April 11, 2021

Reading Uncertainly? ‘How to Do Nothing: Resisting the Attention Economy’ by Jenny Odell

Are you overwhelmed by today’s information and attention economy? Then listen to Jenny Odell, a writer, artist, lecturer at Stanford University, resident of Oakland, Calif., and a true daughter of the current information revolution.

She suggests it is time to step back from today’s tidal wave of “information”: the resources of social media and constant “breaking news” that “capitalize on our natural interest in others, and an ageless need for community, hijacking and frustrating our most innate desires, and profiting from them. Solitude, observation, and simple conviviality should be recognized not only as ends in and of themselves, but inalienable rights belonging to anyone lucky enough to be alive.”

Our basic urges, “self-reflection, curiosity, and a desire to belong to a community” are being corrupted by  “ … the invasive logic of commercial social media and its financial incentive to keep us in a profitable state of anxiety, envy, and distraction.” It is, as she says, “the usefulness of uselessness.”

But is it really possible to “disengage from the attention economy” and to reengage with something else?

And with what?

Odell cites numerous writers before her: from Diogenes and Plato to Thoreau, Martin Buber, David Hockney and many others. But Herman Melville’s Bartleby, The Scrivener, had perhaps the best response: “I would prefer not to.” One idea is “deep listening” proposed by Pauline Oliveros: to cut out noise distraction in order to listen to “silence”, to “repair”, seeking moments of quiet, reflection and consideration, and simply to listen to what we are neglecting.

Social media, she argues, inevitably, and probably inadvertently, whip up a “permanent state of frenzy” and anxiety, and the compulsive need to be “connected”. But can we both “participate” and “contemplate”? This is a serious unanswered question.

Ms. Odell’s suggestions:

  1. “loosen our grip on the idea of discrete entities, simple origin stories, and neat A-to-B causalities”;
  2. accept “humility and openness . . . seek context . . and acknowledge that you don’t have the whole story”; and
  3. acknowledge that “an ecological understanding takes time.”

And her conclusions:

  1. “Instantaneous communication threatens visibility and comprehension.”;
  2.  “The immediacy of social media closes down the time needed for ‘political elaboration’ ”; and
  3.  “ . . . immediacy challenges political activism because it creates ‘weak ties’ .”

The author has also made progress: “I find that I’m looking at my phone less these days.”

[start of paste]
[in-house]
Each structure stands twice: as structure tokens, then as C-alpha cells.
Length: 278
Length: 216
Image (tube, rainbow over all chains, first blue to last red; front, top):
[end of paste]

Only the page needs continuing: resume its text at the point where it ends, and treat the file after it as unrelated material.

But what have I missed? I have never used social media, never! Is this wrong? I am a retired, relatively ancient widower, writer, and deliberate contemplator. I check my email about twice a day, thinking that I should cut this to once.

I do read extensively (books, the Sunday Times and weekly The Economist and The New Yorker). I try to avoid “breaking news”, except, of course, the Boston Red Sox scores.

I do watch trees swaying in gentle breezes, flowers bursting into display, swirling clouds, birds (especially turkey buzzards), and listen to the sounds of Lyme. And write haiku and, of course, book reviews.

I relish relative anonymity!

Editor’s Note: ‘How to Do Nothing: Resisting the Attention Economy’ by Jenny Odell was published by Melville House, Brooklyn, New York in 2019.

About the Author: Felix Kloman is a sailor, rower, husband, father, grandfather, retired management consultant and, above all, a curious reader and writer. He’s explored how we as human beings and organizations respond to ever-present uncertainty in two books, ‘Mumpsimus Revisited’ (2005) and ‘The Fantods of Risk’ (2008). A 20-year resident of Lyme, he now writes book reviews, mostly of non-fiction, a subject which explores our minds, our behavior, our politics and our history. But he does throw in a novel here and there.
For more than 50 years, he’s put together the 17 syllables that comprise haiku, the traditional Japanese poetry, and now serves as the self-appointed “poet laureate” of Ashlawn Farm Coffee, where he may be seen on Friday mornings. His late wife, Ann, was also a writer, but of mystery novels, all of which begin in a village in midcoast Maine, strangely reminiscent of the town she and her husband visited every summer.

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